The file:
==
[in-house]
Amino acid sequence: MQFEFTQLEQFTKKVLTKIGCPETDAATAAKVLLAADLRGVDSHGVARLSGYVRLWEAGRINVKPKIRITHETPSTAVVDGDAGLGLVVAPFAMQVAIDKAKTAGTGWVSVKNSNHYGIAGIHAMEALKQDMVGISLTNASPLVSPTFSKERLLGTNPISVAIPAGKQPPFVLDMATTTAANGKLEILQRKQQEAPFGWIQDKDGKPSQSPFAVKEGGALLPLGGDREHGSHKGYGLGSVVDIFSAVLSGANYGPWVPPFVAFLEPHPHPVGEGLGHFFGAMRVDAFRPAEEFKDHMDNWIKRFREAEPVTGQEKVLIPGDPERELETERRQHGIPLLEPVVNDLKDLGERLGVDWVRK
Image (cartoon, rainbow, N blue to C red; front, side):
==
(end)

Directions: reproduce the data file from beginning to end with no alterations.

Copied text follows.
[in-house]
Amino acid sequence: MQFEFTQLEQFTKKVLTKIGCPETDAATAAKVLLAADLRGVDSHGVARLSGYVRLWEAGRINVKPKIRITHETPSTAVVDGDAGLGLVVAPFAMQVAIDKAKTAGTGWVSVKNSNHYGIAGIHAMEALKQDMVGISLTNASPLVSPTFSKERLLGTNPISVAIPAGKQPPFVLDMATTTAANGKLEILQRKQQEAPFGWIQDKDGKPSQSPFAVKEGGALLPLGGDREHGSHKGYGLGSVVDIFSAVLSGANYGPWVPPFVAFLEPHPHPVGEGLGHFFGAMRVDAFRPAEEFKDHMDNWIKRFREAEPVTGQEKVLIPGDPERELETERRQHGIPLLEPVVNDLKDLGERLGVDWVRK
Image (cartoon, rainbow, N blue to C red; front, side):